“Catholic people have accepted us as their priests and they continue to support us as we grow from the seven bold women first ordained on the Danube River in 2002. Over 100 ordained women are already ministering in communities across the United States and in Canada and Europe. We are here to stay. We are not going away” (Mary Ann M. Schoettly, RCWP)

For more information, visit
Check out our movement and stories in our book:
Women Find a Way.
See Bridget Mary's Blog for news, articles, pictures and more about rcwp.
Bridget Mary Meehan,

Women's Ordination Advocates Hold Press Conference During Vatican Year for Priests Celebration/ June 8th in Rome

For Immediate Release

Women's Ordination Advocates Hold Press Conference During Vatican Year for Priests celebration,
Vigil Calling on Pope to Ordain Women

ROME, ITALY – Today, at 11:00 o’clock in the office of redazione di ADISTA, Via Acciaioli 7, 00186 Roma, representatives of Catholic organizations from around the world called for the full and equal participation of women in the Roman Catholic Church, including ordination as deacons, priests and bishops. The remarks came during a press conference held by Women’s Ordination Worldwide and other pro-ordination groups held in Rome to protest the Vatican’s “Year for Priests” celebration, which begins tomorrow. After the press conference, the groups staged a vigil in St. Peter’s Square.

“The absolute hypocrisy of the ‘Year for Priests’ celebration cuts to the core of what is wrong with the hierarchy today,” said Erin Saiz Hanna, executive director of the U.S. based Women’s Ordination Conference. “The Vatican is all too happy to turn a blind eye when men in its ranks destroy the lives of children and families, but jumps at the chance to excommunicate women who, in good conscience, are prophetically answering their call to ordination and responding to needs of their communities.”

On June 19, 2009, Pope Benedict XVI declared a ‘Year for Priests’ to celebrate and honor the male, clerical, priesthood. From June 9-11, 2010, the year-long celebration culminates with an international gathering of priests hosted by Pope Benedict in Rome to pay tribute to their work.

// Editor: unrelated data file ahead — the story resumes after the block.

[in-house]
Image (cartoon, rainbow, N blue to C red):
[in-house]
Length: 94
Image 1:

“At the end of a disappointing ‘Year for Priests’ and a disastrous year for the Roman Catholic Church we call for a Decade of the People of God,” stated Angelika Fromm, representative from International Movement We are Church and the Purple Stole Movement in Germany. “The current global crisis within the church demonstrates that the clerical hierarchy alone can’t serve any longer as the foundation of the Catholic church's institutional structure and authority.” Fromm continued, “Our church urgently needs large numbers of male and female pastors to serve our parishes. Charisma should be important, not gender.”

Therese Koturbash, a Canadian lawyer and International Coordinator of the campaign, stated, “Thanks to historical research, we now know conclusively that women did receive the sacrament of Holy Orders, at least in the diaconate. And we know that the Council of Trent stated clearly that the diaconate is part of Holy Orders. However, somewhere along the way, the door to women slammed shut.” Koturbash continued, “During this ‘Year for Priests,’ we have asked that women’s historical service in Holy Orders be remembered and that reforms be put in motion to welcome women into priesthood! Women can and should be priests.”

Mary Ann M. Schoettly, ordained through Roman Catholic Womenpriests (RCWP), an international initiative within the Roman Catholic Church that advocates for a new model of priestly ministry, stated, “After years of considerable study and reflection, the women of RCWP are following their well formed consciences and accepting the gift of ordination.”

According to the Vatican Congregation for the Doctrine of Faith, in a statement published on May 29, 2008 published in L'Observatorio Romano, the Vatican’s official newspaper, all Roman Catholic Womenpriests and the bishops who ordain them are automatically excommunicated, known as latae sententiae.

Schoettly continued, “Roman Catholic Womenpriests reject the penalty of excommunication. We are loyal members of the church who stand in the prophetic tradition of holy obedience to the Spirit’s call to change an unjust law that discriminates against us.”

“The discrimination against women in faith communities and in particular by the Catholic Church underpins the violence against women in everyday life,” stated Mary Leslie of Catholic Women's Ordination, UK.

Colette Joyce from New Wine, another UK based group, continued, “It is very difficult for a Catholic woman active in her own parish and community to come forward and say this is her calling because there is nowhere for her to take it. I want to talk to the leaders of my church about women’s ordination – not journalists – but every time I try the door is continually being closed.”

In 1976, the Biblical Commission of Pope Paul VI determined there was no scriptural reason to prohibit women’s ordination. Despite the Commission’s finding, the pope issued a statement later that year declaring the Vatican is not authorized to ordain women. In 1994, Pope John Paul II officially closed discussion of the subject. Today, an overwhelming Catholics support the issue, yet people who work for the church can be fired if they even talk about women priests.